The Playable City development program’s six creative winners have been revealed, with projects ranging from AI-evading games and a “sci-fi-infused digital jungle”.
Cultural organization Watershed has unveiled the six interactive projects that have received funding to be displayed on the streets of Bristol as Playable City Award winners.
The prize encourages designers and artists from around the world to create playful, human-centred technology installations, and awards each of the six winners £45K to turn their designs into prototypes. The Playable City development program is produced by Watershed as part of MyWorld – a research and innovation program for the UK’s technology sector – which is funded by the UK Research and Innovations Strength in Places Fund.
The idea is that once completed, the prototypes will be placed around Bristol in what Watershed calls the Playable City Sandbox, and this year will spark conversations about inclusion, sustainability, monitoring and the future of cities. Another wider aim is to help improve the creative technology ecosystem in the West of England.
Creative robot studio Air Giants builds inflatable, pneumatically controlled robots. The Squeeze Me project seeks to create a visual and tactile experience using inflatable soft robot technology. When the inflatable and illuminated prototypes are finished, they will be wrapped around trees, lampposts or other street furniture. Passersby will be encouraged to squeeze, hug, lean on or poke them, then the robots will respond with shape-shifting, light and sound.
Another of the winning projects called How (not to) get hit by a self-driving car aims to explore the effects of advances in surveillance. Tomo Kihara + Playfool created a game where humans must avoid being detected by AI that anyone can play.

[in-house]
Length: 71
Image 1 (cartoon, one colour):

A feminist art group of Somali women called The Daqan Collective are responsible for The House of Weaving Songs, which – like most of their work – seeks to promote the voices of women and elders in their community. The collective’s interactive installation inspired by the Somali-style nomadic structure called Aqal, is an integration of Somali weaving songs and woven tapestries. The experiment’s goal is to connect the city to cultural practices that can help inspire people to tackle climate change.
Fireflies, a Glitch, by Screaming Color and Arcane is designed to be a digital experience that will transform the streets and landmarks of Bristol into a “sci-fi infused digital jungle” of images and local music without an app. It will be created by a new studio called Glitch AR, which focuses on building connections between physical and digital realities. The team includes XR producer and former head of immersive entertainment for NBCUniversal Michael Salmon and founder of Bath-based interactive media studio Whiley & Co. Ossian Whiley.
Bristol Temple Meads station will be taken over by London-based artist and designer Jake Wates and creative technologist Thomas Blackburn, whose project involves installing a zoetropic lighting experience, designed to be viewed from moving train windows on arrival and departure. The aim is to frame the railway as “a cinematic arrival space” in the city.
Meanwhile, Street Pixel, hardware graffiti installation, aims to use creative technology, game design and a sustainable approach to materials and electronic hardware to strengthen the relationships between people and their cities. Multidisciplinary studio Biome Collective is behind the project.
The work will be displayed around Bristol for a week in July 2023.